Institute of Philosophy
of the Russian Academy of Sciences

  Logical Investigations. Vol. 8. – M.: Nauka Publishers, 2001. – 320 p. ISBN 5-02-013115-6
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Logical Investigations. Vol. 8. – M.: Nauka Publishers, 2001. – 320 p. ISBN 5-02-013115-6

After having read the majority of publications on the problem of time, which are numerous, we acquire a grievous feeling that it is being mistreated. The issues discussed are often other than time itself but quite different phenomena although related to it in certain ways. Here we intend to focus discussion right on the phenomenon of time as it is without substituting it by other problems no matter how important they are. Eight fundamental properties of time are being considered in this paper.

The present paper presents a logic that allows for the abnormal behaviour of any logical constant and for the ambiguous behaviour of any non-logical constant, but nevertheless offers an interpretation of the premises that is as normal as possible.

Hao Wang [10] suggested two extensions of predicate calculus permitting partially defined predicates. He formulated two calculi of partial predicates PP and EP. Interpretation of implication of these calculi depends on the relations between all possible values of its parts. Therefore, the notion of a formula is restricted in PP and EP as implication is not iterating in them. A.Rose [9] constructed an independent system of axioms for propositional fragment of PP with finite number of axioms and proved its completeness by means of a syntactic criterion of provability in it. N.M.Ermolaeva [4] has done the same for propositional fragment of EP applying semantical criterion of the validity. In the present article we give the Rose style proof of complete¬ness of the propositional fragment of EP introducing a syntactic criterion of provability in it, and on the ground of a modified relational semantics we formulate extensions of PP and EP permitting iteration of implication.

The aim of this paper is to try to characterize classical propositional logic (CPL) with the notion of mathematical structure. We start by justifying this approach. We recall the importance and significance of the notion of structure in mathematics and in logic. We explain the idea of a general theory of logics based on structures, Universal Logic. CPL is not one structure but a class of equivalent structures, CPL-structures. We survey a series of structures that can be considered as CPL-structures. The main problem is to find a notion of equivalence which permits to gather into a whole this multiplicity. We show in particular that the modern concept of equivalence of structures, based on the notion of expansion by definition and isomorphism, is not adequate to define a satisfactory notion of equivalence that will define the class of CPL-structures. An alternative definition, postmodern equivalence, is introduced. It appears that this tentative of characterization of the class of CPL-structures is not only relevant for Universal Logic, but also for the general theory of mathematical structures, since the case of CPL-structures shows the insufficiency of the modern concept of equivalence between structures.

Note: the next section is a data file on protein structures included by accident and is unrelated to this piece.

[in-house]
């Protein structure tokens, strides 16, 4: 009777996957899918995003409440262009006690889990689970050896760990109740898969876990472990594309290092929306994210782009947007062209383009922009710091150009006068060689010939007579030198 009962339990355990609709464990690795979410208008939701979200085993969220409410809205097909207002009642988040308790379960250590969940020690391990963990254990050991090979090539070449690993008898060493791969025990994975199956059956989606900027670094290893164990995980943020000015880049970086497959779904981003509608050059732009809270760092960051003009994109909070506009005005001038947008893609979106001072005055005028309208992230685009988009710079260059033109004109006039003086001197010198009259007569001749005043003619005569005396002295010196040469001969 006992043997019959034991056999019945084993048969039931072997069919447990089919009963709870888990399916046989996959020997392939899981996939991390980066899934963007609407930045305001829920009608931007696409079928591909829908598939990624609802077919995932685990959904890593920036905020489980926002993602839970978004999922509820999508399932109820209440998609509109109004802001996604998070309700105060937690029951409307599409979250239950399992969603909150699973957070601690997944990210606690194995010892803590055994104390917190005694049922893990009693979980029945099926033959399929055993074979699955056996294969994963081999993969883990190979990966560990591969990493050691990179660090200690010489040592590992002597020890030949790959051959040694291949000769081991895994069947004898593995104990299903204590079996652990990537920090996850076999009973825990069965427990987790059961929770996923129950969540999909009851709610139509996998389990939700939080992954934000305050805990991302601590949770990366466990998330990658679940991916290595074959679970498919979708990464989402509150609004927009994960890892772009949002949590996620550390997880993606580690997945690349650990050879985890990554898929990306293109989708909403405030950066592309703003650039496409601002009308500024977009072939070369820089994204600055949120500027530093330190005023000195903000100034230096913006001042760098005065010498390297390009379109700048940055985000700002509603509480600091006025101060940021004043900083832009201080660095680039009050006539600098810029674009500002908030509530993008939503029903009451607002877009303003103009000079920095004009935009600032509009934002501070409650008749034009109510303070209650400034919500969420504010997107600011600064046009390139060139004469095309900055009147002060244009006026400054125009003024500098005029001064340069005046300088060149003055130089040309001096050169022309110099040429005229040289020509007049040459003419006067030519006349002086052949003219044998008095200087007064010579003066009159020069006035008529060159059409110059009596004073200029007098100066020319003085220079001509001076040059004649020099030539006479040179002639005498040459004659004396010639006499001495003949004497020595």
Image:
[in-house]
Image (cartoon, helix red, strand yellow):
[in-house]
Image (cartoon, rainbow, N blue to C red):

The problem of eliminability of Axiom of Choice from the metatheory of propositional modal logics is dicussed. Using of the language of modal formulas is proposed. Three examples of applications of this language are given: the Blok’s theorem on the degree of incompleteness; a logic without immediate predecessors; the finite axiomatizability of tabular logics.

The purpose of this paper is to review some ideas from Dunn and Meyer (1997) and Dunn (2001) and "write them large". The first paper showed how to represent combinatory algebras using ternary frames, and the second paper showed how to do the same for relation algebras. It should be pointed out that these representations both fall under the general heading of "gaggle theory", as developed in a series of papers beginning with Dunn (1991), in which an n-ary operator is represented using an n+1-placed relation. These results were presented in a somewhat mathematical fashion, although philosophical motivations were introduced as well. The present paper will focus on these philosophical motivations and clarify and extend them. In addition it will point to some future research directions in connection with Pratt's dynamic logic and Hoare's logic of programming.